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For a writer, spring is often a time for attending writing workshops. Last month I attended part three of a workshop about writing life stories. In the next couple of months, I plan to attend short courses as part of the Writers’ Federation of New Brunswick’s WordSpring weekend, and a workshop about nature writing ( http://www.natureofwords.com/writing-workshops/write-in-nature/ ).

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Partly because my current fiction project ‘Crossing at a Walk’ is about a writers’ retreat, I have been thinking about the spaces where writing workshops are held. I have attended workshops at hotels with comfortable meeting rooms and lovely gardens. I have also been at workshops in huge community auditoriums and cosy private homes. One year my writing group went to a retreat at the Abbey in Rogersville in eastern New Brunswick and experienced simple dormitory surroundings in a very spiritual setting.

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Some of the rooms have been so noisy or full of echoes thinking is impossible. Some spaces are quiet, meditative.  Auditoriums can be freezing cold. Workshops in summer can be stifling and hot. I remember one July week at the University of New Brunswick during the Maritime Writers’ Workshop … every writer in the poetry workshop had an electric fan. Our instructor shook her head and said, ‘Those poets, they want to carry their own space with them!’

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I think the most variable aspect of space in the writers’ workshop is the ‘chair’. Some are comfortable, built to allow both body and mind to relax.  At one workshop the designer chairs were so flimsy, I spent the entire time worrying I would fall to the floor!

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Although I have attended many workshops on writing, in many different spaces, I continue to benefit from these experiences and to learn more about the craft of writing.

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  1. Every workshop facilitator or leader offers a unique perspective on approaches to writing. It is rare for me to leave a workshop without some new technique or method for improving my writing.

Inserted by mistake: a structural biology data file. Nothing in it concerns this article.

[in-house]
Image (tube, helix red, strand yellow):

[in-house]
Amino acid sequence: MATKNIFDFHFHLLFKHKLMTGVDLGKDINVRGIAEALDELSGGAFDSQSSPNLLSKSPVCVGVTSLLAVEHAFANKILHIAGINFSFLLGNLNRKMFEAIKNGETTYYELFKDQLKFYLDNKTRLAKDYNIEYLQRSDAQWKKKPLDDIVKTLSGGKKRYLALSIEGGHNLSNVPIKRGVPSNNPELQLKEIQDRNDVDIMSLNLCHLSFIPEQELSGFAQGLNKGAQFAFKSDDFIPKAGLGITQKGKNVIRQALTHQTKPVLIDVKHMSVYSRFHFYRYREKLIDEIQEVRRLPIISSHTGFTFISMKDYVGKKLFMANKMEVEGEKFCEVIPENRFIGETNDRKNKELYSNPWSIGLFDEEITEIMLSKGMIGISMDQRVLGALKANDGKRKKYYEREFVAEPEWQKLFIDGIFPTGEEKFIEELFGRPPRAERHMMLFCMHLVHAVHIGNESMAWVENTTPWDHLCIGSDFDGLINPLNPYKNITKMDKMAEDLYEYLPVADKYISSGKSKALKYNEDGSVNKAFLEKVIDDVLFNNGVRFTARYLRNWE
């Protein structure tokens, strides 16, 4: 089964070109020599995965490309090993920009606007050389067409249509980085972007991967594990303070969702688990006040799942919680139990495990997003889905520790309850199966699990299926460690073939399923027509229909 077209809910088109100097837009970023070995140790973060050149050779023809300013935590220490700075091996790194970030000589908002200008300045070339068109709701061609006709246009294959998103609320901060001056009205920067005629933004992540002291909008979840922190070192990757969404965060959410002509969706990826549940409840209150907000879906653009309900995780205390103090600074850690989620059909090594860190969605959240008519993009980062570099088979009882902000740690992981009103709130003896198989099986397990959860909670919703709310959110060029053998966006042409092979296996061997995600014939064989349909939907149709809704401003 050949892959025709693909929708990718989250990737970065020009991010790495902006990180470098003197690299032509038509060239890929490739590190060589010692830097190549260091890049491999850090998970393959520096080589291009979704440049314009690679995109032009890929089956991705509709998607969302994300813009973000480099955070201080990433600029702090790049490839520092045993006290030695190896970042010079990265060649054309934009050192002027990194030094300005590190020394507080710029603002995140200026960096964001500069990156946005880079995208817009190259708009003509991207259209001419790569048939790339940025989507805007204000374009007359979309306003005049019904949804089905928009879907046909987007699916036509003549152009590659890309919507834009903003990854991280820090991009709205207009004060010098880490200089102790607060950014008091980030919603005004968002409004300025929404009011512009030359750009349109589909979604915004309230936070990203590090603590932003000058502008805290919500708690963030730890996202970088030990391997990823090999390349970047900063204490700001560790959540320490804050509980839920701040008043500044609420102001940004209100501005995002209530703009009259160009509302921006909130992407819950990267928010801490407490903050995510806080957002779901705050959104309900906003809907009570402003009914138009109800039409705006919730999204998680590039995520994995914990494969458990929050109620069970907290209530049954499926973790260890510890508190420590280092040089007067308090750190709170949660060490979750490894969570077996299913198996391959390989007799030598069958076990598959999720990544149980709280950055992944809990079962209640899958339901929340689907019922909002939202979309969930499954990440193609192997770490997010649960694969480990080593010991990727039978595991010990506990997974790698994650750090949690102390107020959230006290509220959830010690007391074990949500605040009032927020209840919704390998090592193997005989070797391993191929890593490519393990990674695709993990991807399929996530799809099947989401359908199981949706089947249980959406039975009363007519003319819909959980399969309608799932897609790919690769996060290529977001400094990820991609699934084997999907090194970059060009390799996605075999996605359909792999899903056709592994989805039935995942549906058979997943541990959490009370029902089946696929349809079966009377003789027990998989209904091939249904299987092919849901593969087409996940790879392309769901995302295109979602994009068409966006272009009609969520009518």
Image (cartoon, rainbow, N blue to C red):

2. Writing workshops cover a variety of themes. I am a writer of poetry and fiction, but I have received some of my most valuable training from workshops about writing screenplays and non – fiction.
  3. Learnings can be so simple, obvious even. For example, it seems I have to be reminded, over and over, to try techniques such as writing from the perspective of various characters.
  4. Workshops create an opportunity to meet other writers. Meeting old and new friends and renewing past acquaintances is a constant source of inspiration for me.
  5. The workshops I attend contribute to my own history of being a writer and demonstrate my interest in the writing community and in improving my skills as a writer. Even retired, I continue to build my resumé since publication and grant applications are an important part of my writing life.

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Hot or cold, noisy or quiet, on chairs designed to break backs or to summon comfort, the workshop space itself can be a source of experience and inspiration. A lot of those chairs, cold spaces and pinging echoes have found their ways into my writing. For some reason, the places I encounter on the drive home from a workshop also make it into my poems.

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Have you attended any writing workshops and has the workshop space influenced your writing for better or worse?

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Copyright  2015 Jane Tims